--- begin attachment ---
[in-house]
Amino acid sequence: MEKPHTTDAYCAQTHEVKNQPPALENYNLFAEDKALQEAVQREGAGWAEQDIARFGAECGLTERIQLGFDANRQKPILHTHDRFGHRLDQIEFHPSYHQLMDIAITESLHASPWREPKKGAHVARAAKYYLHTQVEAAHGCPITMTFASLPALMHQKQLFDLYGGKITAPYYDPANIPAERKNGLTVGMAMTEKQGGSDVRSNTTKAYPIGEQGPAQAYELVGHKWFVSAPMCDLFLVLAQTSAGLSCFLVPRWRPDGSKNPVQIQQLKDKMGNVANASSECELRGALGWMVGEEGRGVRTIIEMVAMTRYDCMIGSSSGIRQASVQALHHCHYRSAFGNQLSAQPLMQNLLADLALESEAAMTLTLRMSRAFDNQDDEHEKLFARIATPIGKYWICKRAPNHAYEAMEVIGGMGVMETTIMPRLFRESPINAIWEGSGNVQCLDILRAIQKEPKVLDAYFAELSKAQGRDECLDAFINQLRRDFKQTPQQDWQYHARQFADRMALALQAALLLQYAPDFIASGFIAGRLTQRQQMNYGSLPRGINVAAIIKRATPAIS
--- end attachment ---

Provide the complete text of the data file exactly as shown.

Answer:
[in-house]
Amino acid sequence: MEKPHTTDAYCAQTHEVKNQPPALENYNLFAEDKALQEAVQREGAGWAEQDIARFGAECGLTERIQLGFDANRQKPILHTHDRFGHRLDQIEFHPSYHQLMDIAITESLHASPWREPKKGAHVARAAKYYLHTQVEAAHGCPITMTFASLPALMHQKQLFDLYGGKITAPYYDPANIPAERKNGLTVGMAMTEKQGGSDVRSNTTKAYPIGEQGPAQAYELVGHKWFVSAPMCDLFLVLAQTSAGLSCFLVPRWRPDGSKNPVQIQQLKDKMGNVANASSECELRGALGWMVGEEGRGVRTIIEMVAMTRYDCMIGSSSGIRQASVQALHHCHYRSAFGNQLSAQPLMQNLLADLALESEAAMTLTLRMSRAFDNQDDEHEKLFARIATPIGKYWICKRAPNHAYEAMEVIGGMGVMETTIMPRLFRESPINAIWEGSGNVQCLDILRAIQKEPKVLDAYFAELSKAQGRDECLDAFINQLRRDFKQTPQQDWQYHARQFADRMALALQAALLLQYAPDFIASGFIAGRLTQRQQMNYGSLPRGINVAAIIKRATPAIS